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Altitude stint heightens hopes for New Zealand swimmers

New Zealand’s elite swimmers have chalked up record mileage despite the challenge of training at altitude as they prepare for next month’s Commonwealth Games Trials.

The 11-strong squad have one week remaining in their month-long training stint at the renowned altitude training environment of Flagstaff, Arizona.

The facility, based at the Northern Arizona University, is at 2100m (7000 ft) has been home to the Japanese swim squad as well as the New Zealand High Performance squad under the guidance of coach David Lyles, physiologist Tom Vandebogaerde and biomechanist Jodi Cossor.

Lyles is pleased with both the effort and the quality of the training, with the squad completing up to 12 sessions per week, which is more than they achieve at their training bases in Auckland and Wellington.

“While it is difficult to do the same quality work up at altitude as it is at sea-level, it’s not impossible,” he said. “Our volume per session is comparable so overall we’ve done more volume that we have done at home, and some of the quality has been higher as well.

“Compared to Sierra Nevada (Spain) last year, those who were there have done comparable better this time in both quantity and quality.”

The coaching staff have monitored each athlete every morning and have made a few changes and switched some sessions to allow more recovery.

“There’s been no major illness or disasters, so in terms of adaptation to the environment we’ve had no issues.”

They face a tough final week including two days of race simulation to replicate the heat, semifinal, final load they can expect in competition.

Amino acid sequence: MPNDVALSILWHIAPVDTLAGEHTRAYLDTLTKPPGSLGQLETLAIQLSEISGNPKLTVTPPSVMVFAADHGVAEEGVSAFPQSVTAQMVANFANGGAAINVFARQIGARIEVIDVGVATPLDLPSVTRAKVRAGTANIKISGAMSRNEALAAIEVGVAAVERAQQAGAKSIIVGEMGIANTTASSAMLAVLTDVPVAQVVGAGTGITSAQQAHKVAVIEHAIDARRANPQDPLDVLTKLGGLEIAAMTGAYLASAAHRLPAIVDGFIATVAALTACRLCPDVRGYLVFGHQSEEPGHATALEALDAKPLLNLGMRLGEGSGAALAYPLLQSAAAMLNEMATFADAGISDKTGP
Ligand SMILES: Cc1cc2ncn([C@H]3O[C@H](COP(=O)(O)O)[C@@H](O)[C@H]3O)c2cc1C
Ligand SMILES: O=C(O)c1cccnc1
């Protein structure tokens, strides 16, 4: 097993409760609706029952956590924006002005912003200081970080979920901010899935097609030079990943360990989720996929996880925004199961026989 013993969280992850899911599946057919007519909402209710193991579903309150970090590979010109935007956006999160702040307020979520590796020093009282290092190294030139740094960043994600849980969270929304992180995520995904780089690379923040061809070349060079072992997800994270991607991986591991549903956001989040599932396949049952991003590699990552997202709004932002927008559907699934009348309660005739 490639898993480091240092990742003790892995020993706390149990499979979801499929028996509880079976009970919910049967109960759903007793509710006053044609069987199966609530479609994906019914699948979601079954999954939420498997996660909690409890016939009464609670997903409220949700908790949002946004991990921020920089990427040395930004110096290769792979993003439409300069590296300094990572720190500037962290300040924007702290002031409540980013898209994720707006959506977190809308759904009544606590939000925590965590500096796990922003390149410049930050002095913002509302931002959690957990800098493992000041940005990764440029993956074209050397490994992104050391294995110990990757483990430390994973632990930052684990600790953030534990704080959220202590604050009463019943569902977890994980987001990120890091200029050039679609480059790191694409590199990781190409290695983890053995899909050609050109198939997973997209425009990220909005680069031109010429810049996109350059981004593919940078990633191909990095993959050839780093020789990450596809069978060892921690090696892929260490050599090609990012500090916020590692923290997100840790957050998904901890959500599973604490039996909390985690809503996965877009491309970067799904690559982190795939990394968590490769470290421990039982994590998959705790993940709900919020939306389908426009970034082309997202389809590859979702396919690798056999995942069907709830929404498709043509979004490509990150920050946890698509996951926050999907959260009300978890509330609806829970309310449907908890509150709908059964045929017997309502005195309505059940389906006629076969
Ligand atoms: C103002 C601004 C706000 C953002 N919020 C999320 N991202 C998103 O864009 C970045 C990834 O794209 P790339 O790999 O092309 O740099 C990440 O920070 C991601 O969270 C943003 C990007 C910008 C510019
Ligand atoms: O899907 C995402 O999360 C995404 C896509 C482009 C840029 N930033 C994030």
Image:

It has not been all work and no play, with the Northern Arizona city, which has a population of 65,000 including 20,000 at the university, the gateway to the Grand Canyon.

“Four weeks is quite a long time living in the same corridor and seeing each other for most of every day. The advantage of this place is they can walk into the town and there are some other options like the Grand Canyon. They are a tight unit and look after each other quite well.”

After two or three days to re-adapt to sea level on their return late next week, the swimmers will then focus on the final three weeks.

“Most of the big mileage is done, it’s a matter of holding, reducing and refining from here to the trials and to swim fast.

“It has been a good experience and hopefully very valuable for the preparation. The more exposure to the altitude environment then the better they will be in the long run.”

The State 2014 New Zealand Open Championships, which doubles as the official trial for Glasgow, will be held at the West Wave Aquatic Centre in Henderson from 8-11 April.